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A collection of ready to use, small and self contained examples on how to use Apache Jena
Java Web Ontology Language Other
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NOTICE.txt Refactored example names...
README.txt Minor changes.
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Apache Jena - Examples

This is a collection of small and simple examples on how to use Apache Jena
to handle RDF data.

How examples are organised

Examples are grouped by name: and are progressively numbered
from the simplest to the slightly more advanced ones.

A good learning path is to start from the which show how to
use Apache Jena to read (i.e. parse) or write (i.e. serialize) RDF data in
various format. Apache Jena supports RDF/XML, N3, Turtle, N-Triples, etc.
RIOT is a new parsing subsystem for Jena, if you are interested you can look
at the files.

The examples named show how to use the Jena Model APIs to
create or manipulate RDF data.

SPARQL is the query language used for data in RDF stores and ARQ is the query
engine included in Jena. The examples named show how to run
SPARQL queries and iterate through the results.
An extension for ARQ to run free text searches is called LARQ (i.e. Lucene +
ARQ), if you are interested, you can look at files.

TDB is the native store included in Apache Jena. The examples named files show how to load data into TDB and run SPARQL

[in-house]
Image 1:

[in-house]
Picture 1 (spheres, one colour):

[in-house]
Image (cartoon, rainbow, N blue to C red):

If you are interested in ontologies and inference look at


The only requirements are a Java JDK 1.8 and Apache Maven.

Instructions on how to install Maven are here: 

If you use Eclipse, it is recommended to set M2_REPO in Eclipse (once):

  mvn -Declipse.workspace=/path/to/your/workspace eclipse:add-maven-repo

Once you have Maven installed, verify with:

  mvn -version
Then run (once) this to download all the necessary dependencies:

  cd jena-example
  mvn package

You can import the project in Eclipse via
File > Import... > Existing Projects into Workspace

You can run mvn eclipse:eclipse to re-generate Eclipse .project and .classpath
files automatically from your pom.xml file.

You can run mvn dependency:copy-dependencies to copy all the *.jar files in
the target/dependency/ directory.

You can run mvn dependency:tree to visualize a tree of all the dependency and
understand which jar is required by other jar files.

   Have fun!
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